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The Accidental Project Manager – Oops! You are really in the #!*%@

I’ve been moved to write this piece because over the past few months in my organization, I’ve undertaken the Herculean task of developing project management maturity in my organization – which obviously includes developing a lot of new project managers. My team consists of 3 people – “Me, Myself, and I”[tm].

I love accidental project managers. I was one once but now just a managerial-accident-waiting-to-happen. Don’t ask me, I didn’t want it to turn out this way, but such is life, eh? It took me a freaking nearly 10 years to know that about myself. Life is funny that way…by the time you figure it out, it’s done and dusted. Don’t cry, but sing and rejoice instead because you’ve embarked on a unique life journey (some would say not unlike the passengers of the Titanic…but we try not to be negative in this space).

So, congratulations! You’ve done a great thing! Impressed some bosses, given people the idea that you’re someone who can get things done, have lots of drive and initiative, and for that not only do you not get a company sponsored bonus trip but instead, they’ve made you a project manager. Fantastic, you are now part of a unique community of individuals who through a quirk of fate have drawn the equivalent of a professional short straw. If you’re so lucky, you’ll turn yourself into the business “sanitation engineer”
The world\'s smartest oracle - aka the \"sanitation engineer\" which isn’t all that bad if you embrace it. Simply because everyone needs a “sanitation engineer” and it’s nice to be needed.

Drawing on my own school of hard knocks and from others who were kind enough to pass down their pearls of wisdom, a few guiding principles to help get started.
1. There is a different way of working – everything you do must ensure that the project objective happens. That will make you do your “day job” differently. Because you realize that the project objective doesn’t magically happen and there’s not a lot you can do because projects aren’t done by one-man/woman armies. The inexperienced PMs think that they’re superman, embued with supernatural authority to command people in a single command. But what these inexperienced PMs quickly learn is that even Superman died and while he was resurrected, they might not be.

So you quickly find yourself at the mercy of people – people who can get you fired (once you understand this, you will have found “PM religion”) – who may not be entirely on the same page as you. Because you’re smart and done some homework, you know that perhaps getting along with people and developing what we call “soft skills” (a misnomer if I saw one because if you don’t master them, I guarantee you that the landing will be anything but soft) is a “Good Thing”[tm]. What are “soft skills”? Many things but a good short list:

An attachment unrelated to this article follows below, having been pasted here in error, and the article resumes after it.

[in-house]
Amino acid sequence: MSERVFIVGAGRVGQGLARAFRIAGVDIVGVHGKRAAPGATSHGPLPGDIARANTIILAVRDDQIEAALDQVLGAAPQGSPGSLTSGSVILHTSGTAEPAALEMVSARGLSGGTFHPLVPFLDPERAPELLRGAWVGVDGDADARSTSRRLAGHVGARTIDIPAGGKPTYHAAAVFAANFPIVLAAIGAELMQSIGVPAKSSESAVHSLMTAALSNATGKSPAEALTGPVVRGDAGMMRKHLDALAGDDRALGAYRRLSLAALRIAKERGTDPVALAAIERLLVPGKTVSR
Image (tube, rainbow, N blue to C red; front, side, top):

– influencing
– communication
– team management
– delegating
– appraising
– presenting
– motivating
– coaching
Followed up by a healthy dose of observing the universal Golden Rule.

2. MBWA (Management By Walking Around)my mentor taught me the value of this and I fortunately listened and learned. My days as a helpdesk engineer helped prepare me for this though and well, no way for me to really know that at the time (dumb blind luck). Supposedly, David Packard of HP fame first introduced this management technique and well, that’s pretty good pedigree IMHO. One of my favorite postings on MBWA is from someone who clearly knows about it and does it regularly as part of his management style – Kailash Awati’s “Going Walkabout” blog post is spot on.

3. You need to be a student – what that means is that professional project managers need to know what they don’t know and then work at getting down to the right level of detail. The question of how technical does a PM need to be is debated ad infinitem but my short answer is that you need to be technical enough to detect bullshit when you hear it. It takes years to hone your BS radar and if you can, it’s a skill worth developing.

Which leads the next learning and perhaps the most important one…

4. “Trust But Verify”[tm] – I say this all the time. I’m continuously amazed at how people simply will take face value, what someone else has told them. I ask the poor messenger, how do you know so-and-so did what they said they did in their project status report? I don’t blame him because the poor messenger isn’t the one with his/her head on the chopping block when the proverbial brown stuff hits the fan. But is exasperating nonetheless. For those from a quality background, you know this through Deming’s teachings:

PDCA Quality Wheel

PDCA Quality Wheel

This will save your butt. Because hopefully, you’ll come to realize the importance of MBWA and you can actually verify yourself how things are going. Because if you don’t, when someone asks you why a multimillion dollar project is going south, you will be wishing that you were in a galaxy far far away. That’s a “Bad Thing”[tm].


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